Purpose Physicians regularly encounter challenging and/or complex situations in their practices; in training settings, they must help learners understand such challenges. Context becomes a fundamental construct when seeking to understand what makes a situation challenging and how physicians respond to it; however, the question of how physicians perceive context remains largely unexplored. If the goal is to teach trainees to deal with challenging situations, the medical education community requires an understanding of what “challenging” means for those in charge of training. Method The authors relied on visual methods for this research. In 2013, they collected 40 snapshots (i.e., data sets) from a purposeful sample of five faculty surgeons through a combination of interviews, observations, and drawing sessions. The analytical process involved three phases: analysis of each drawing, a compare-and-contrast analysis of multiple drawings, and a team analysis conducted in collaboration with three participating surgeons. Results Findings demonstrate that experts perceive the challenge of surgical situations to extend beyond their procedural dimensions to include unspoken, nonprocedural dimensions—specifically, team dynamics, trust, emotions, and external pressures. Conclusions Findings show that analysis of surgeons’ drawings is an effective means of gaining insight into surgeons’ perceptions. The findings refine the common belief that procedural complexity is what makes a surgery challenging for expert surgeons. Focusing exclusively on the procedure during training may put trainees at risk of missing the “big picture.” Understanding the multidimensionality of medical challenges and having a language to discuss these both verbally and visually will facilitate teaching around challenging situations. PMID:25250744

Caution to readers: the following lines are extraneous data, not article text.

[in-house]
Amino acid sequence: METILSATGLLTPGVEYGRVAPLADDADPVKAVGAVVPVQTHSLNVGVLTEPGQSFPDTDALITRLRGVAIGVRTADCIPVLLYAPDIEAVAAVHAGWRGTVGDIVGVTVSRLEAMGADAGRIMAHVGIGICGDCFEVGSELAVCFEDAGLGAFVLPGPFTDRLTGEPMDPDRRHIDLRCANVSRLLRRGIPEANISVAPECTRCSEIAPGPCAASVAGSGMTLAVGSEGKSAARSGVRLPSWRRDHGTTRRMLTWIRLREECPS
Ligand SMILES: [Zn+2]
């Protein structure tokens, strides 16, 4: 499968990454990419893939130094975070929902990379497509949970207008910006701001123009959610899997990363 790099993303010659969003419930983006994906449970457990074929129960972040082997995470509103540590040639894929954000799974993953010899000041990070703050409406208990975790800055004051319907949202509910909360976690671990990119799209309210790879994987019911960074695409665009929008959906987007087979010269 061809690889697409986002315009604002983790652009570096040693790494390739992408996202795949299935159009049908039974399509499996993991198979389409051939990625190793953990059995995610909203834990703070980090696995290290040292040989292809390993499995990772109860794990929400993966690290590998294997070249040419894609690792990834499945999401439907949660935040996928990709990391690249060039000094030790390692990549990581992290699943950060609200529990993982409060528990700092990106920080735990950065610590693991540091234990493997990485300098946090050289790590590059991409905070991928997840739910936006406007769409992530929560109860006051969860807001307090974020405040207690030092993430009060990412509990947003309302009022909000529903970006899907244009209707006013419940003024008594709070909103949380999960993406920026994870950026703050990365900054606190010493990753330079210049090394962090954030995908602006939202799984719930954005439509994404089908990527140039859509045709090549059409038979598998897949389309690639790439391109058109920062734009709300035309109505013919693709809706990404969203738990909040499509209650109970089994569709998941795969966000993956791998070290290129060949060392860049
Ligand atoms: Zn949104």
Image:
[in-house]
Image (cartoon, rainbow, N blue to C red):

12. Cultural differences in scene perception